Shotgun question

Discussion in 'Homesteading Questions' started by beorning, May 11, 2006.

  1. beorning

    beorning Well-Known Member

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    I recently inherited a winchester model 12 in 20 gauge. Nice gun. I can immediately see it being employed to hunt pheasant and small game. I'm wondering if it's reasonable to hunt geese and ducks with a 20 gauge, and also if a 20 gauge slug will humanely take down a whitetail at 50 yards. I've got a 12 gauge that I've used for everything up to this point, but it sure would be nice to hunt at least the heavier birds with a gun that's a lot lighter, and less of a monster to shoot. Don't want to be wounding things though, if I can avoid it. Any advice?
     
  2. Rockin'B

    Rockin'B Well-Known Member

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    Geese and deer would be much better served with the 12 guage. I have shot geese with a 20 but I never thought that they were hit as hard.

    I love the twenty and think it's great for upland game. But I think that the 12 is the right tool for big birds and deer.
     

  3. Oxankle

    Oxankle Well-Known Member

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    a 20 guage shoots just as hard as a 12, given the same velocities, but it shoots a lot less lead. I hunted ducks and geese with a 20 as a kid, but would not shoot long range shots with the 20 that I would take with my 12. The difference was that at long range the 20 had a pattern that might put one or two pellets in a goose, but with a 12 it would hit him with a dozen.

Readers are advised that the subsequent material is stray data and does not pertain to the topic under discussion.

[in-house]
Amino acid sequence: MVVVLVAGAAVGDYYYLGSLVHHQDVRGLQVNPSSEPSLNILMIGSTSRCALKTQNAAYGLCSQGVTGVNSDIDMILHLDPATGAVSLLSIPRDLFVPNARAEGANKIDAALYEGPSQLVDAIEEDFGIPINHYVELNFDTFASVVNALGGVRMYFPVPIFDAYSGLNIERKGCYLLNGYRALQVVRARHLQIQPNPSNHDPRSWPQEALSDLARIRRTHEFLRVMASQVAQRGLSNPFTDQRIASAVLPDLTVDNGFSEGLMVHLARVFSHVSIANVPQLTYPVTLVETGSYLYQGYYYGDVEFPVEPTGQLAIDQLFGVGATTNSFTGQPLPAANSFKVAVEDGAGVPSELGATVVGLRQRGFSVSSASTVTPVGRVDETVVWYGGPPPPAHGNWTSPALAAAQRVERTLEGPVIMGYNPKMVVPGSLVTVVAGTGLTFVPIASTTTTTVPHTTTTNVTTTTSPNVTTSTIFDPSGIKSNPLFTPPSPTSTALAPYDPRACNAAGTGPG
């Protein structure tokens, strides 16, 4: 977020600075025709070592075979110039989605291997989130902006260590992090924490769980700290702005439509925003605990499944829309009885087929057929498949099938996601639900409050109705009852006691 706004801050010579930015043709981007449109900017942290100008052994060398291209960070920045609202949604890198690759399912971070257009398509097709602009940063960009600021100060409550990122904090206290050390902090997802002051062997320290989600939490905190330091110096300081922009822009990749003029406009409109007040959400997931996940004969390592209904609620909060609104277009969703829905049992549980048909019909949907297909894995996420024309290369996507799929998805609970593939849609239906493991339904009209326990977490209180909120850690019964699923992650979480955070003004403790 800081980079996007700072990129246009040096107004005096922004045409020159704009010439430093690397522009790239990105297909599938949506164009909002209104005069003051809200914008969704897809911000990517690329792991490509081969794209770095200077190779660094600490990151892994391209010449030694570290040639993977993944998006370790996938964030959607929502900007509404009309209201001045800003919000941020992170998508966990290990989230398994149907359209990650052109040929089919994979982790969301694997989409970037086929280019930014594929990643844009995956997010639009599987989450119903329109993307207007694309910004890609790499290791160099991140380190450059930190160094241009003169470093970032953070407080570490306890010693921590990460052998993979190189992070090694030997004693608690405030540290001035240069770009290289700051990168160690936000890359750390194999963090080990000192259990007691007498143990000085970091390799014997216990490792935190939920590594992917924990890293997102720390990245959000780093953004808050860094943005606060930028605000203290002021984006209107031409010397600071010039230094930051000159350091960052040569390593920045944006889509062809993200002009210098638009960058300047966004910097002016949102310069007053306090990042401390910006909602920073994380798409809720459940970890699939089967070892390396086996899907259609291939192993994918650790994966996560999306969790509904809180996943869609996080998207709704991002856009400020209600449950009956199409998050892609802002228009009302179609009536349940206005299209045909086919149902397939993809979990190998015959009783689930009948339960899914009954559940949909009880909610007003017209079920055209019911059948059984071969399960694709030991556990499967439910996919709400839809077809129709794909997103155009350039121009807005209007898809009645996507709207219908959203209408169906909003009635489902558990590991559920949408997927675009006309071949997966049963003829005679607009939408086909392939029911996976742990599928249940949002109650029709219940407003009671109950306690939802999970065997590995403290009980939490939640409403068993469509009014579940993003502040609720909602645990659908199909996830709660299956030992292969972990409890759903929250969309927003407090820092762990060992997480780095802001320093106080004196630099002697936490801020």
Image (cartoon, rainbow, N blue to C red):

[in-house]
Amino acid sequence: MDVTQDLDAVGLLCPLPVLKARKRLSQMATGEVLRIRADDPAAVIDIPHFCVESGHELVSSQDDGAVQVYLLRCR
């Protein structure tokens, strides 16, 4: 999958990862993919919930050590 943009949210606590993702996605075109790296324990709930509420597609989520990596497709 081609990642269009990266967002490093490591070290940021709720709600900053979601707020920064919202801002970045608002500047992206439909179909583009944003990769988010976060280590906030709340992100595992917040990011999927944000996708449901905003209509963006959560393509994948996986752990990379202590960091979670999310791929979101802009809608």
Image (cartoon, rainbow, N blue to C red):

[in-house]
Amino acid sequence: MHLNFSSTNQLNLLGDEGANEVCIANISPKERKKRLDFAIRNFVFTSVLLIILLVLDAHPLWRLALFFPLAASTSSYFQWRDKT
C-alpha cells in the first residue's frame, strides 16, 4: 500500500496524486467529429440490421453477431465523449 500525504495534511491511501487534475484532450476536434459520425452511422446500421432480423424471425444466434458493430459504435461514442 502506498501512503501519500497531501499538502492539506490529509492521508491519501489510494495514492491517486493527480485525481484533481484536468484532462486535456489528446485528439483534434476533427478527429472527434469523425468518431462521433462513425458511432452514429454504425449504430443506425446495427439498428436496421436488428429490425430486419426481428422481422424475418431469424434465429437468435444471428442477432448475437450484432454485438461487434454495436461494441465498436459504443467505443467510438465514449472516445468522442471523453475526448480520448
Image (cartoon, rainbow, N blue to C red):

As for the slugs, yes, a 20 guage slug will kill a deer at 50 yards, but comparing it to a slug from a 12 is exactly like comparing a .22 rifle to a 30-30 at the same distances. It is all in the energy delived to the kill zone.

    If it were me, I'd use the 20 for upland game and ducks, using the 12 for geese and deer. I even like my .410 for quail and dove, and have used one for duck.

    One other consideration. If you are shooting migratory waterfowl you will be using steel shot. Will that ruin the barrel on your old Model l2?
     
  4. beorning

    beorning Well-Known Member

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    Thanks for the advice. I was leaning this way before I posted but hoping i might have been wrong. :) I'm going to run the gun to my gunsmith before I shoot anything but lead through it. I've heard yea's and nay's on steel shot in the model 12. I'm guessing I could use bismuth or tin if the verdict is no. Otherwise I'll just use the 12 for waterfowl.
     
  5. rwinsouthla

    rwinsouthla Well-Known Member Supporter